"Very often a painting will complete itself before you thought it was going to." -- Breck Smith

"It's all in the release." Peter Agostini

Completed conversations are similar to something that my old teacher, Peter Agostini, used to talk about when he said somewhat mysteriously, “It’s all in the release.” Of course, he was talking about how you release the paint off the brush onto the canvas or how you release the clay onto the sculpture, but he was also talking about how and when you release the artwork into the world. The artwork is ready when it says it’s ready. It is unfortunately a too common occurrence for a young painter to be so intent on putting that last little detail into the painting that they thought at the outset was essential to the painting’s completion that they will totally miss the fact that the painting was actually finished about 20 minutes before that.

I think people often believe that abstract art is exotic or scary and that it is very new. The opposite is actually the case. For most cultures, even Western, the dominant art form has been abstract. If you look at Western culture, some of the prehistoric cave paintings of animals (radiocarbon dated at 30,000 years BC) are fairly naturalistic. And then you don’t get to naturalism again until you get to the Amarna period in Egyptian art, which only lasted about 10 years. (The Amarna period occurred from 1346 to 1336 BC). After this art began to get somewhat naturalistic, but it didn’t begin to get as naturalistic as we are used to now until you get to 5th century BC Greek art. Think of things like the statue of Venus and the statues of the human form that decorated temples. It remained naturalistic through the 3rd or 4th century AD under the Romans. After that it began to get somewhat abstract again and it stayed that way during the Medieval period (5th to late 15th century AD) until the Gothic period (12th to 16th century AD), when sculpture began to get more naturalistic. Painting became more naturalistic in the 15th century AD in Italy and Northern Europe. That ushered in the Renaissance, and so art was more naturalistic from the Renaissance through the late 19th cent. Hence, the dominant art form in Western art was naturalism for 500 years after the start of the Renaissance, but in the last century abstract art has again come to predominate. Andre Malraux, the French Minister of Culture under DeGaulle, computed the relative time for both Western and non-Western art. When you look at time when naturalistic vs. abstract has been the dominant form, the period of time for naturalistic is just tiny compared to time for abstract. Malraux also wrote about naturalism vs. abstraction in religious art. He said, “In all parts of the world and in every age the styles of sacred art declined to imitate life and insisted on transforming or transcending it.”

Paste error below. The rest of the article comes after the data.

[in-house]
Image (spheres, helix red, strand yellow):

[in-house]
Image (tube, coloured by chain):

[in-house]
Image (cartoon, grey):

Upper Left: Lascaux Cave Painting Upper Right: Amarna Period Sculpture

Lower Left: Ancient Greek Sculpture Lower Right: Ancient Roman Sculpture: Bust

of Galerius (?)

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Updated: Dec 5, 2020

“Why buy art?” was the initial impetus for this article. But researching it, I found many articles on the subject and thought I’d turn it around and look at what it would be like to NOT have art. So, drawing on the research of other bloggers and my own expertise, what would the world be like without visual art?

The economic impact might be larger than people realize. There is the direct income to a local economy from the income/spending and taxes of artists themselves. Beyond this, art is a draw for businesses to locate in a community, so with no art business growth could be curtailed. Art stores, galleries, and museums would disappear, so there would be fewer businesses to again provide income/spending and taxes in the community, as well as less entertainment. Also, tourism would be reduced, so business income to the hospitality/leisure industries would be lowered. Some individuals purchase art as an investment, hoping for it to appreciate in value. This income would be lost.

Education would be impacted. The teaching of art is correlated with improvements in creativity and performance in other fields. Some teaching jobs would be lost. Art can lead us to look at the world in a different way. It inspires both children and adults to think, ask questions and seek answers. This is central to the learning process.